Leadership

The Modern Face of SEO: How to Become a Thought Leader

While the reports of SEO’s demise may have been greatly exaggerated during 2013, there is little doubt that its fundamental nature and delivery mechanisms have changed considerably with the advent of content marketing. This year will finally content marketing emerge as the primary aspect of business outreach strategies, with Econsultancy’s State of the Marketing Report for 2013 suggesting that an estimated 45% of British companies will integrate content marketing as the focal point of their SEO strategy during the next twelve months.

Content marketing relies on the creation of informative and engaging outbound materials, which focus on educating the reader rather than selling them a specific product or service. By pursuing this quality-orientated course, businesses would essentially become thought leaders within their chosen industry and earn recognition as influential market leaders. As a consequence of this, thought leaders hope to achieve profitability and build a successful commercial relationships on the foundations of trust, knowledge and mutual respect.

With this in mind, what practical steps can you take to embrace the concept of thought leadership and become a recognised leader within your market? Consider the following:

Identify Relevant Questions and Develop Answers

When Seth Godin introduced us to the innovative concept of ‘scalable customer service‘ in 2012, he was effectively tapping into the idea that customers were more susceptible to marketing when they were actively engaged with the brand. More specifically, their questions or queries would open up direct lines of communication with businesses, along which marketers could share information and stimulate genuinely emotive conversation. This is central to thought leadership, which should serve as the entry point to a business relationship and deliver tailored answers to specific consumer questions. As a starting point, you first need to understand the topical and real-time questions that your customers are posing, and prioritise them before using your outbound content to answer them directly.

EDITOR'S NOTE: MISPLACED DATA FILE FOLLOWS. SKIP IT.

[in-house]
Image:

Answer these Questions Across Multiple Media Channels

While identifying the specific needs of your customers and offering definitive solutions are crucial aspects of thought leadership, however, they mean little unless your answers can be delivered across multiple formats and media outlets. This includes both text and audio-visual resources, with social outlets such as Facebook, Twitter and YouTube offering instant access to a global audience. It is important to create an integrated and streamlined strategy, which identifies the most popular channels among your target market and enables you to access them in a way the adds value to their experience as consumers. This is crucial, as the average customer is becoming immune to the dubious charms of viral marketing and demand more thoughtful and targeted content from brands.

Ensure that your Content is Accessible and Liable to Encourage Customer Participation

Have you ever located a genuinely interesting article or editorial piece that you wanted to read, only to be redirected to a registration or subscription page? This is extremely frustrating, and goes against the core values of thought leadership and content marketing. While your output must be thoughtful and aimed at a specific audience, for example, it must also be accessible to all and capable of challenging alternative perceptions and opinions. This will ultimately afford your business access to additional target markets, as intriguing content is known to inspire debate and interaction between diverse social demographics. Another key benefit of this is that it will naturally encourage customers to participate in conversation and engage with your brand, which in turn inspires loyalty and empowers them as key contributors to your long-term success.

Laura is a business and marketing from the UK, who writes regularly on commercial strategy and outreach trends. She also workers as a part-time researcher and content writer for E-Marketing Partner.

A post by Laura L Cole (33 Posts)

Laura L Cole is author at LeraBlog. The author's views are entirely his/her own and may not reflect the views and opinions of LeraBlog staff.
Laura is a blogger and researcher based in Northern England.

Do you have any questions? Please ask.